Should fractional aeroplane ownership and regional aerodromes be a part of a sustainable transport future?
The focus for the “Air Traffic to 2050” blog series is all about Commercial Air Transport (CAT) and the airports they use, some of which are becoming pretty near full like Heathrow and some of which are barely used like Leipzig. Leisure and business are both important in driving traffic.
The Low Cost airlines have opened up a number of regional airports most driven by leisure, but some driven by mixed economy usage and lack of affordable capacity at busy hubs. This creates some odd anomalies e.g. fly to Frankfurt Hahn by lo-co and it’s about 120Km to Frankfurt!
The interesting bit is the business and private aviation part of General Aviation (GA) which is growing steadily as the hassle of CAT increases. People are waking up to the fact that GA can go closer to more places than CAT with zero hassle. This opens up the possibility of significant economic drivers particularly for Hi-tech European firms which lease or join fractional ownership for aeroplanes for their own transport. This is not new. A policy focus to make lease and fractional ownership of GA aircraft attractive could have a significant impact in the regions. Is this a much better way to spend £80bn than HS2?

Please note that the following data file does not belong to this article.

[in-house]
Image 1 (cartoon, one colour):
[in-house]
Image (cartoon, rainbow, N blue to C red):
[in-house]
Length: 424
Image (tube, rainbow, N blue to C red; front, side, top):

Aerodromes to support this in the UK alone could include: Farnborough, Biggin Hill, Oxford, Cambridge, Gloucestershire, Coventry, Exeter, Norwich, Durham and Newcastle from where you can get to regional airports in e.g. Poland, the Czech Republic and anywhere in a similar radius in under 2 hours. Even in my light aircraft I can get to Prague in just over 4 hours! Other airports on the South Coast with good capacity and facilities include Southend (being developed by Stobarts who also own Carlisle) Manston and Lydd.
As an aside there is much unused or underused ex military infrastructure both here and in Europe. One example: RAF Alconbury in Oxfordshire is largely intact, close to the M40 and the line to Paddington. Greenham Common has of course been destroyed but could otherwise have been used for Heathrow over-spill for tuppence.
There is a risk of being too commercial aviation focused; thinking about an alternate future might help people think broader.
(written by John Milner)